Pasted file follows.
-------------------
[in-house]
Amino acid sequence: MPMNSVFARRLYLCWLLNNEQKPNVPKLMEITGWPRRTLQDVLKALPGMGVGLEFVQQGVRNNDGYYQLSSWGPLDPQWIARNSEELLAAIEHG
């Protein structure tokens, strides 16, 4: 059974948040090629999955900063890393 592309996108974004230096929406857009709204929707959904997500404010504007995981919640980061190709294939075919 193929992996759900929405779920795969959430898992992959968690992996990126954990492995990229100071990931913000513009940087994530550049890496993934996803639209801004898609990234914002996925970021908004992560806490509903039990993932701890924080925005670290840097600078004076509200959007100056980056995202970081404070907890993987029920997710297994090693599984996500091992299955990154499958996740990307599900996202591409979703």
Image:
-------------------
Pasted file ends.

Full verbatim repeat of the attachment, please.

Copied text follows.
[in-house]
Amino acid sequence: MPMNSVFARRLYLCWLLNNEQKPNVPKLMEITGWPRRTLQDVLKALPGMGVGLEFVQQGVRNNDGYYQLSSWGPLDPQWIARNSEELLAAIEHG
């Protein structure tokens, strides 16, 4: 059974948040090629999955900063890393 592309996108974004230096929406857009709204929707959904997500404010504007995981919640980061190709294939075919 193929992996759900929405779920795969959430898992992959968690992996990126954990492995990229100071990931913000513009940087994530550049890496993934996803639209801004898609990234914002996925970021908004992560806490509903039990993932701890924080925005670290840097600078004076509200959007100056980056995202970081404070907890993987029920997710297994090693599984996500091992299955990154499958996740990307599900996202591409979703």
Image: